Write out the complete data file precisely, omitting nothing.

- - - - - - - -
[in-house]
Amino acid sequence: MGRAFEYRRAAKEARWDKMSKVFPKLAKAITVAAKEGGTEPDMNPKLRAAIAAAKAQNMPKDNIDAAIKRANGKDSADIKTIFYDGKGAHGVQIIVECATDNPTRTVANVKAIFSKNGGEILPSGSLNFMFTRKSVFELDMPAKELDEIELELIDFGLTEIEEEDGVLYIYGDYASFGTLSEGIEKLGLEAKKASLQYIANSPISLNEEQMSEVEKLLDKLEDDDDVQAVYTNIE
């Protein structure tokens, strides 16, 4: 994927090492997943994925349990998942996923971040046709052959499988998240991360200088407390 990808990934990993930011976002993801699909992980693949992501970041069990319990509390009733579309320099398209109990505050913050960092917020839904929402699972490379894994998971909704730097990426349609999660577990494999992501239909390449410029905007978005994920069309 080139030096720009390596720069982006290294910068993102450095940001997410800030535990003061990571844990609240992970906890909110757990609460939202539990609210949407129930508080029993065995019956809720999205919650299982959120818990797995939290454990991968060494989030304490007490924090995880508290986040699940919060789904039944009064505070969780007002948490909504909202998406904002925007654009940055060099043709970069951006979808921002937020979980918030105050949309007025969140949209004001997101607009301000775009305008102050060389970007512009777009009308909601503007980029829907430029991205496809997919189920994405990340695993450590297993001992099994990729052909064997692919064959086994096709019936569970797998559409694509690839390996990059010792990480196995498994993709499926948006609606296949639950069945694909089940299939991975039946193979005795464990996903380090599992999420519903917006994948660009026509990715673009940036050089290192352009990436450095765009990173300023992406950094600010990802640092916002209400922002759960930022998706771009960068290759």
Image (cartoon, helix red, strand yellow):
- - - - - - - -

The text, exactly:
[in-house]
Amino acid sequence: MGRAFEYRRAAKEARWDKMSKVFPKLAKAITVAAKEGGTEPDMNPKLRAAIAAAKAQNMPKDNIDAAIKRANGKDSADIKTIFYDGKGAHGVQIIVECATDNPTRTVANVKAIFSKNGGEILPSGSLNFMFTRKSVFELDMPAKELDEIELELIDFGLTEIEEEDGVLYIYGDYASFGTLSEGIEKLGLEAKKASLQYIANSPISLNEEQMSEVEKLLDKLEDDDDVQAVYTNIE
């Protein structure tokens, strides 16, 4: 994927090492997943994925349990998942996923971040046709052959499988998240991360200088407390 990808990934990993930011976002993801699909992980693949992501970041069990319990509390009733579309320099398209109990505050913050960092917020839904929402699972490379894994998971909704730097990426349609999660577990494999992501239909390449410029905007978005994920069309 080139030096720009390596720069982006290294910068993102450095940001997410800030535990003061990571844990609240992970906890909110757990609460939202539990609210949407129930508080029993065995019956809720999205919650299982959120818990797995939290454990991968060494989030304490007490924090995880508290986040699940919060789904039944009064505070969780007002948490909504909202998406904002925007654009940055060099043709970069951006979808921002937020979980918030105050949309007025969140949209004001997101607009301000775009305008102050060389970007512009777009009308909601503007980029829907430029991205496809997919189920994405990340695993450590297993001992099994990729052909064997692919064959086994096709019936569970797998559409694509690839390996990059010792990480196995498994993709499926948006609606296949639950069945694909089940299939991975039946193979005795464990996903380090599992999420519903917006994948660009026509990715673009940036050089290192352009990436450095765009990173300023992406950094600010990802640092916002209400922002759960930022998706771009960068290759």
Image (cartoon, helix red, strand yellow):